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Himeji is home to one of the most famed castles in the country, a castle that since 1333 has undergone various incarnations, but still sits prominently atop a hill bearing down over the city. It was one of Japan’s first entries into the UNESCO World Heritage list and was a survivor of both World War II and the Great Hanshin Earthquake.

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The brilliant white building stands proud, earning itself the nickname of ‘White Heron Castle,’ yet initially not all were happy with this architectural marvel. It is said that one of the castle’s early carpenters was most displeased with his own grafting; a sinking cliff close to the keep meant that the castle’s tower lent a little too much to the southeast. This fact would inevitably lead the carpenter to his own grave. Scaling the walls of the castle’s 150ft tower – with a chisel in his mouth – he cast himself off the top and down into the courtyard below. Today, however, I witnessed nothing but the work of master craftsman, the two huge cranes on one side of the six-storey structure carrying out reconstruction work, slightly marring the castle’s majesty to some extent. But all in all, the building still acts as a perfect embodiment to the country’s ancient, feudal past.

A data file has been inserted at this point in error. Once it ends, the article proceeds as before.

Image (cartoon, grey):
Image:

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In the same district, amongst a peaceful neighbourhood, a network of narrow lanes and traditional Japanese homes, I found my guesthouse. It was a harmonious-sized little place that could handle just a small handful of guests at any one time; more than idyllic when compared to some of the gruesome party hostels that habituate the big cities, across the world. The last thing one wants after a battling day on the road is to get vomited upon by a drunk, greasy 18-year-old backpacker on a gap year.

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Once in a 24-man rat infested dorm in Perth, Australia I witnessed a fellow Englishman piss himself in his sleep. From his bed, he was somehow able to direct his heavy stream of urine out of the side of his shorts and directly into the mouth of the neighbouring passed out Irishman. True story!! This was a sickening reminder of what some of the world’s hostels have to offer.

Yet, here in Himeji, I felt a long way from all that sort of tomfoolery, and I for one was glad. Amen.

STATS

Dates: 25/07/2014 – 26/07/2014

Total miles traversed: 3,919 miles

Total time in the saddle: 401 hours and 38 minutes


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For a more gratuitous insight into my journey please take a visit to your respective Amazon store or contact me directly for a signed copy and colour map:

Tokyo to Tokyo: A Cycling Adventure Around Japan

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About dsd_uk

In 2014 I cycled from Tokyo to Tokyo. In 2015 I started writing a book about cycling from Tokyo to Tokyo. In 2016 I finished writing a book about cycling from Tokyo to Tokyo. In 2017 I will not be cycling from Tokyo to Tokyo! www.Tokyo-to-Tokyo.com
This entry was posted in Adventure Travel, Bicycle Touring, Cycle Touring, Cycling, Humour, Japan, Travel, Travel Blog, Uncategorized and tagged , , , , , , , , , , , . Bookmark the permalink.